Why You Should Try Cooking Your Sauce For Homemade Pizza

Pizza is one of those foods where — depending on who you're talking to — you're either wrong or very, very wrong. Debate rages across the country about what makes a truly great pizza. Method, style, and toppings divide families and friend groups. While some people advocate for pineapple on their pizza, others aren't fans of this variation.

The OG of pizza — the Neapolitans — take their pizza so seriously that they even created the Associazione Verace Pizza Napoletana, which maintains a set of rules passed down from generation to generation. The rules are used to draw a line between a "true Neapolitan pizza" from other types of pizza and protect the tradition of the original Neapolitan recipe. One of their rules includes using an uncooked sauce of hand-crushed tomatoes (via Associazione Verace Pizza Napoletana).

The reason why uncooked sauce is used in most pizzerias is because of the acidity that uncooked tomatoes lend to your pizza. They add some much-needed brightness to what can sometimes be heavy mozzarella or meat toppings. However, just because pizza is traditionally made with a simple uncooked sauce of crushed tomatoes doesn't mean that you should never put cooked sauce on a pizza. Plenty of pizza styles, like Sicilian-style pizza and some Chicago deep dish pizza recipes, call for a cooked sauce, as well.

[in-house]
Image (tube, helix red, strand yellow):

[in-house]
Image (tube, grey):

So if you find your pizzas to be bland, try cooking your sauce first for a more pronounced flavor.

Break the pizza rules and use your homemade sauce

While traditional pizza sauce is typically cooked once in the oven, cooked pizza sauce hits the heat twice, resulting in an ultra-concentrated tomato flavor. You could even go the New York-style pizza route and use a "heavily-seasoned cooked tomato sauce made of olive oil, canned tomatoes, garlic, sugar, salt, and herbs like oregano, basil, and crushed red pepper" (via The Spruce Eats). It will add another layer of complexity to your pizza while still providing the bright tomato notes. 

However, PMQ Pizza Media stresses caution when using a cooked sauce on your homemade pizza. While cooking it once results in deep, complex flavors, cooking it a second time at the high temperature required for baking a pizza could result in a bitter and scorched flavor that will be completely unappetizing. To avoid this, make sure that you are judicious with your toppings. This will help prevent extra evaporation and concentration, which can lend an unpleasant taste to your sauce. So the next time you have a pizza night, don't be afraid to reach for your leftover sauce in the fridge or simply make your own pizza sauce.